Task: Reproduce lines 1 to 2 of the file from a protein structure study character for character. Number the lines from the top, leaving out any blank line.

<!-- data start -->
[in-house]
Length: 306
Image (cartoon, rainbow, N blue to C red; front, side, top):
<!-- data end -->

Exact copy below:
[in-house]
Length: 306